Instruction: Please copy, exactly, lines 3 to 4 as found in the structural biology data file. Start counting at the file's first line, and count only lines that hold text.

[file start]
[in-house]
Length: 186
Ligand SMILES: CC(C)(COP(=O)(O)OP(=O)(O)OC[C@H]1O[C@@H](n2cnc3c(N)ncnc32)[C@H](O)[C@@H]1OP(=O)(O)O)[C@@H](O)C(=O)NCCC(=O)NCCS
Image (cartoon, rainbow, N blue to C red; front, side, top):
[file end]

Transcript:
Ligand SMILES: CC(C)(COP(=O)(O)OP(=O)(O)OC[C@H]1O[C@@H](n2cnc3c(N)ncnc32)[C@H](O)[C@@H]1OP(=O)(O)O)[C@@H](O)C(=O)NCCC(=O)NCCS
Image (cartoon, rainbow, N blue to C red; front, side, top):